2. Do not even think about building any airplane until you have seen one and flown it.  That is the ONLY way you can ever be sure that your dream plane really IS your dream plane!  It is also a pretty good way of ensuring that the airplane you want to build really does exist and isn't someone's bright idea of the kit they are going to market as soon as they get enough venture capital! 

 

Over the years I have seen quite a few people burned because the airplane they started to build never materialized completely and they would up in the position of either scrapping several years of effort and money or trying to finish the design job that was never completed.  It may even be the case that it cannot be completed into a reasonably safe aircraft.  I have seen kits that could not easily be made safe to fly.  I won't mention any names here,  but if you look back on the history of homebuilding you will see several well known and popular airplanes that many people bought and then you will count very few of them flying.  You really do not want to join those folks.

The other mistake I have seen repeated over and over during my years in the EAA is people building an airplane that they cannot fly!  Frequently they discover this on the first flight when they wreck the airplane.  Unfortunately they sometimes wreck themselves in the process.  We really want to avoid that eventuality.  The best way is to fly an example of your dream ship before you plunk down the bucks and commit to actually building it.   While it is true that most anything that looks like an airplane can be made to fly, we would like to fly well.  I remember a homebuilt that I once bought and rebuilt.  It was a cute little airplane and tough as all getout.  The only problem was it had a top speed of only 110 miles per hour.  What really made that bed was the first indication it gave of an approach to a stall was a sudden snap roll to the right.  What was really bad about that, was that it happened every time you let the airspeed get below 100 miles per hour.   It was the only plane I ever flew where my landing approach was a full power dive at the end of the runway so that it wouldn't stall until I got the wheels on the pavement!  I tryed everything I could think of to try and never got that darned little airplane to fly decently.  Sure did great snap rolls though!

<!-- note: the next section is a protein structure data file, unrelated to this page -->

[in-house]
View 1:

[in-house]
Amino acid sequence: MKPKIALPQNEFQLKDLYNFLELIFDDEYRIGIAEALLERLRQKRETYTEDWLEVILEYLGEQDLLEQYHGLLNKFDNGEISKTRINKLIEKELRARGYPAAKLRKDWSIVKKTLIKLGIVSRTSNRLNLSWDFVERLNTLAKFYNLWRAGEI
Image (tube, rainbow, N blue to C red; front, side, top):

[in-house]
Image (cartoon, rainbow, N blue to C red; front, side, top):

John  EAA #9135



Spencer Gould
Homebuilder or Craftsman
32
Posts
1
#8 Posted: 8/20/2010 01:37:43

 

The other side of the equation that few people think of is where you are going to build it. This should be the first thing you think about before settling on a specific design. If your serious about getting your project done in a timely manor you need a working environment where there are little to no excuses on why you cant build. Getting this right will be the biggest ace up your sleeve when taking on a project. With out this you can stretch a 500 hour project into 15 years before you know it. Here is a list of what to look for when your thinking about a work shop.

 

Less then 30 minutes away from where you sleep & shower on a nightly basis (aka your main home), the closer the better. Ideally into a 2+ car garage or across the grass to a steel building / barn. Rental space to built a project is available in some areas, just make sure it’s approved for what you are doing & the monthly cost doesn’t over shadow your aircrafts cost. Note in some parts of the country finding a place to build can be a bigger challenge then the plane its self: New York City, LA, or in my case South Florida.

 

Insulated & climate controlled. If your sweating or freezing all the time it will cut down on your productivity big time!!! & could lead to you disliking working on your project. Your attitude needs to be “I’m going out to work on my project” NOT “I’m going to serve some time in a sweat shop” Also some materials like composites and wood glues need warmer temps, you may be able to work with a coat on but it doesn’t mean the glue will to.      

 

Can you get what you build out of where you are building it?. Sure you can pop together a sonex in a 3rd floor apartment but try getting the wings and fuse out of there.

 

Decent amount of space, avoid trip & head room hazards. Organization of materials & tools is critical for a cost effective & timely build (its easy to buy the same part over and over if you keep forgetting you already have one). Remember building a RV tail kit in a bed room is one thing, building the wings / fuse / sand / paint & hang the engine is a different story when it comes to space required.

 

Decent electrical power, running a generator doesn’t count.

 

Have a radio and or TV in the shop, have the game on while you work on your project rather then sitting on the couch watching the game. Note if it’s a distraction to you or a safety hazard (running saws, mills or other power tools) then turn it off.